Credit: Matt Sternewald

Should you recruit a rugby player for your business?

Thinking of hiring a scrum half for the accounts department? Wales' head of rugby, former England international and sometime management consultant Josh Lewsey has some tips.

by Adam Gale
Last Updated: 11 May 2016

Every year, dozens of world-class athletes retire from their chosen sports and enter the mainstream jobs market. The fans’ loss could be your gain, says Josh Lewsey, former England international and head of rugby at the Welsh Rugby Union.

Lewsey’s well placed to understand the parallels between the sporting and business worlds, having held down outside jobs throughout his playing career, before post-retirement positions as a management consultant at PwC and trader at Citigroup.

Fresh from Wales’ sadly ill-fated quarter-final appearance at the 2015 Rugby World Cup, he shares his thoughts on what to bear in mind if a CV with ‘international caps: 55’ listed in the employment history section drops onto your desk.

Be realistic

Elite athletes are by definition high achievers. You don’t get to be among the best in the world at anything without having a formidable work ethic and appetite for self-improvement. But success on the pitch doesn’t automatically translate into the boardroom: being able to lift three times your own body weight, for instance, is hardly a qualification for overseeing a multibillion pound merger, is it?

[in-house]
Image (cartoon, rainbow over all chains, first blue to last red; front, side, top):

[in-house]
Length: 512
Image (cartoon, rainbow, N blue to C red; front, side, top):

While there are clearly areas such as team work where sport has something to teach business, and which elite sports people are likely to bring with them, it’s important to remember its possible limitations as a training ground.

‘The lessons business can take from a sporting context are very much on the tactical level, in getting stuff done,’ Lewsey says. ‘At the strategic level it’s the other way round – by and large the motivation behind sports organisations is less clearly articulated than at most large businesses, where decisions are made on a far more rational basis.’

Give feedback

One of the reasons good rugby teams are so strong tactically is that they’re constantly looking for faults in themselves. The players are therefore used to rapid, clear feedback, but this isn’t always the case in business, outside of manufacturing or sales at least. This means managers working with ex-athletes should try to think of other ways of providing it.

One way could be ditching the softly softly approach. ‘When you go from the sports field to this environment where everyone’s being nice to you, you’re desperate for someone to start the banter and abuse,’ Lewsey reflects. ‘It’s something a lot of guys who leave sport or the military struggle with.’

Get ready for a challenge

Before you start practising your shouting skills, remember that while you’ll need to challenge your new hire, you should expect to be challenged back. Questioning the way things are done is what winners do in any field, says Lewsey.

You are getting a highly motivated person, but this can create difficulties adjusting, especially if you have any jobsworths lurking in the back office. ‘They put their heart and soul into what they do, but some people aren’t like that - so long as they get paid at the end of the month, they’re okay. [Athletes] can really struggle to understand that.’

Hiring an ex-rugby champ might not be straightforward and they may not be right for you in the end, but Lewsey believes anyone who’s reached the top of their field deserves at least a second look. ‘Pigeon hole them at your peril.’

Welsh Rugby Union's Head of Rugby Josh Lewsey is currently working as a brand representative for Toshiba, official sponsor of Rugby World Cup 2015, as is supports the event across its business domains.


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